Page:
home to ModularMEP, M.C. Dean’s line of modular electrical buildings for project sites across the country. M.C. Dean also was one of three companies awarded an $875 million, 10-year contract by the U.S. Air Force to update the power equipment for federal installa- tions worldwide.


Dean was inducted into alma mater


North Carolina State University’s Electrical and Computer Engineering Hall of Fame in 2015. He serves on the Washington Airports Task Force’s board of directors and is a past president and co-founder of the Dulles South Alliance.


PAUL A. DILLAHAY PRESIDENT AND CEO, NCI INFORMATION SYSTEMS INC., RESTON


In his fiſth year at the helm of systems integration company NCI, Dillahay cred- its artificial intelligence adoption with a strong 2021 outlook for the business. In January, the General Services


Administration awarded NCI an $807 million task order to support the GSA’s IT strategy and the adoption of AI, machine learning, automation and other emerg- ing technologies. The contract is the company’s largest award in its 32-year history, with a one-year base and a maximum of seven performance years. A graduate of Lock Haven University of Pennsylvania, Dillahay joined NCI as its CEO in 2016 aſter holding multi- ple executive roles at Lockheed Martin, USIS, GE and CACI International Inc. He also has completed executive education at the Kellogg School of Management and Harvard Business School. In April, he received his third Wash100 award and told ExecutiveBiz that NCI plans to bid on close to $2 billion worth of federal requests for proposals this year. In 2020, NCI reported $268 million in revenue, employing more than 1,000 people.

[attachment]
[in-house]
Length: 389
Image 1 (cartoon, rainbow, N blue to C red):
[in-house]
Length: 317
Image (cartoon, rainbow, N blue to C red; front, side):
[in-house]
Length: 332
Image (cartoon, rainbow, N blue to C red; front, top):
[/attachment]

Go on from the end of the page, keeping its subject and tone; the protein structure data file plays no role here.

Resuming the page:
TINA M. DOLPH PRESIDENT AND CEO, SIEMENS GOVERNMENT TECHNOLOGIES INC., ARLINGTON


For three years in a row, Dolph has won a Wash100 Award for driving federal sector expansion. She joined Siemens’ U.S. government arm as its leader in 2018 aſter a long career in federal contracting, including at Lockheed Martin, ASRC Federal and PAE Inc. A graduate of Rensselaer Polytechnic Institute and Le Moyne College in


New York, Dolph has been involved with the integration of large acquisitions, including Lockheed’s integration and divestiture of PAE and integrating CSC’s applied technologies division into PAE. Before joining Siemens, she served as chief strategy officer at CRDF Global, a nonprofit focused on innovative ways to promote security and stability worldwide. Dolph also serves on the boards of Northern Virginia Technology Council


and Hope for the Warriors, a national organization that provides assistance to wounded veterans and the families of those killed in action. “My dad … taught me what it meant to be successful,” she told Virginia


Business. “It’s not about money or stature but rather the mark you leave on the people around you.”


BEVERAGE OF CHOICE: Any of the amazing red wines offered in our Virginia wineries.


FAVORITE SPORTS TEAM: Philadelphia Eagles


www.VirginiaBusiness.com 65